Journalists Ambinder and Grady provide a rendering of the U.S. government’s secrecy apparatus in both international and domestic affairs, offering an acronym-laden fest for fans of the NSA, CIA, and Department of Defense while providing few revelations. The authors display unabashed enthusiasm for the machinery of shadows, particularly the secretive Joint Special Operations Command (JSOC) profiled in Ambinder and Grady’s earlier book The Command, entire chapters of which are reprinted here. A congratulatory account of the coordinated spying activities conducted in Iraq and Afghanistan, and the operations that resulted from them, are labeled as unprecedented successes. Meanwhile, the authors are blithely dismissive of Julian Assange and Wikileaks. Admiration of JSOC and others, and a subtle contempt directed at those who would question “official stories,” trickles through, forming two overarching themes. The first is an Orwellian feat of circular logic that states that no secrets really exist, because if they did, we would already know about them. The second defensively posits that neither the government nor American citizens can stomach the truth about what it really takes to keep us safe. Despite some insights in a chapter on the NSA’s controversial wiretapping program, the majority of the book details the players, rationalizes their actions, and, ironically, keeps their secrets. (Apr.)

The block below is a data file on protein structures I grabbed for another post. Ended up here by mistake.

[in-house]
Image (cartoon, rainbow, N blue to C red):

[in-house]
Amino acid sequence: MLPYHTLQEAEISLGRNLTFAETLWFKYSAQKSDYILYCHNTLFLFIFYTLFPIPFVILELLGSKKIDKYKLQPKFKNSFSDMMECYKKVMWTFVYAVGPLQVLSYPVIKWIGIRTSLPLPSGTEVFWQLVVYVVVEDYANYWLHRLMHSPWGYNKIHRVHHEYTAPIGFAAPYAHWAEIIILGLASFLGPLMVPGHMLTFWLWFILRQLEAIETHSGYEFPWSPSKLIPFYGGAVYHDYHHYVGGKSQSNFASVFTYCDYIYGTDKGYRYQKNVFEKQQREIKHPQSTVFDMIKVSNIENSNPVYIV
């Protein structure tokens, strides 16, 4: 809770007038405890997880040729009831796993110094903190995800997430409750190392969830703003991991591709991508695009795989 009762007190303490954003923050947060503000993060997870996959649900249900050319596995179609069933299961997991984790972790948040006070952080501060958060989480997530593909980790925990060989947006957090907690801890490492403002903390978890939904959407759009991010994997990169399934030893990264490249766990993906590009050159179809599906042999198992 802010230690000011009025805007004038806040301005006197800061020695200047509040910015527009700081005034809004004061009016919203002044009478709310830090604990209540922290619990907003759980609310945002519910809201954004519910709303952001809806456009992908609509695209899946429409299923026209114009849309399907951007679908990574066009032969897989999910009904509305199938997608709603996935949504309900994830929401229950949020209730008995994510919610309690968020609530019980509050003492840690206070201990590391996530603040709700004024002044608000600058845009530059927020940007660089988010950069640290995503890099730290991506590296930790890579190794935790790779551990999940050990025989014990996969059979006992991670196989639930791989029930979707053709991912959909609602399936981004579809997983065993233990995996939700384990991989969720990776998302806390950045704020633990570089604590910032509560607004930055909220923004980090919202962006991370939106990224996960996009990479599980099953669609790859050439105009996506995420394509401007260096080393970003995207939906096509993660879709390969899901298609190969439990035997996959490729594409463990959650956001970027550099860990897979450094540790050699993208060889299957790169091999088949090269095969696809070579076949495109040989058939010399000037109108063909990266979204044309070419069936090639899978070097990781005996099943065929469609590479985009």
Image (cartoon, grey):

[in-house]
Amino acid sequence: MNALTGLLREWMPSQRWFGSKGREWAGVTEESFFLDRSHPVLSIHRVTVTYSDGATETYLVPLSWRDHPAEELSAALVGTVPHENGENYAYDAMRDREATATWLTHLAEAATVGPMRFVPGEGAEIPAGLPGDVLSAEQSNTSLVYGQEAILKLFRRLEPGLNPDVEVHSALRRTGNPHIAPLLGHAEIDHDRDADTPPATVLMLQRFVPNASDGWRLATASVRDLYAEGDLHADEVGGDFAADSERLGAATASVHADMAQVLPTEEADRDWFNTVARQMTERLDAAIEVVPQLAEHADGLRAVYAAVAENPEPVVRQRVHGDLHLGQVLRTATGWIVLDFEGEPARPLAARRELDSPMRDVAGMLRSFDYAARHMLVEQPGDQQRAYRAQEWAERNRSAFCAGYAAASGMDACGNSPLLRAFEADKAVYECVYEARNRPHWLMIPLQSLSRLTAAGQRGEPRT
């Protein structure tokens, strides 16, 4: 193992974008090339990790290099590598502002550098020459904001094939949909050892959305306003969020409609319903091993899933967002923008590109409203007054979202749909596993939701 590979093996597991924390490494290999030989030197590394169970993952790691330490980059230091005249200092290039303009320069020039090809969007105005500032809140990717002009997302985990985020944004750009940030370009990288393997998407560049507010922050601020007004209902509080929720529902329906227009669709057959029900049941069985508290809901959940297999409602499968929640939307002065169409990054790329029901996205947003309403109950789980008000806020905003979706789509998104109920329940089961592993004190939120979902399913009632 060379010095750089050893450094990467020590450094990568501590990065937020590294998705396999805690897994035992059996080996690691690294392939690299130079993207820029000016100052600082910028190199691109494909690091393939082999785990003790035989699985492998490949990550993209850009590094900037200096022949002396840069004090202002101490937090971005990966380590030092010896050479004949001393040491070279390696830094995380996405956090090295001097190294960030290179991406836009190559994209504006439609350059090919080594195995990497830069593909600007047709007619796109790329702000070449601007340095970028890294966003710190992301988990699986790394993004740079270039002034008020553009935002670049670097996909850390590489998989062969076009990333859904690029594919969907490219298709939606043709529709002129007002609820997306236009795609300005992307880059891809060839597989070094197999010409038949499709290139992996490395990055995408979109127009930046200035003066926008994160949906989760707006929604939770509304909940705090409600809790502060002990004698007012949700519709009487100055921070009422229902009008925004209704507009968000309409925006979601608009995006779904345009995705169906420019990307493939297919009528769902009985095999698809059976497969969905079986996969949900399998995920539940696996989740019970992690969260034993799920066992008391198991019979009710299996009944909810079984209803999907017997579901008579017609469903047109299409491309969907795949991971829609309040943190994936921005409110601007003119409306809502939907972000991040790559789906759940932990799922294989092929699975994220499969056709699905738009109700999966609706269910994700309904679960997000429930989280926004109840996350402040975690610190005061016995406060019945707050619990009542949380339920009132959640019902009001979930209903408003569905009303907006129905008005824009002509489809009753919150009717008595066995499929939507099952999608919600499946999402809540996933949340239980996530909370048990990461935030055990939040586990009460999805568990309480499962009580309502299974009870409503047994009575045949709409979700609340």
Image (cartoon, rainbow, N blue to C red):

Reviewed on: 01/28/2013 Release date: 04/01/2013 Genre: Nonfiction
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